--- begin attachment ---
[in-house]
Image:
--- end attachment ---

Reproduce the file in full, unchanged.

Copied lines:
[in-house]
Image: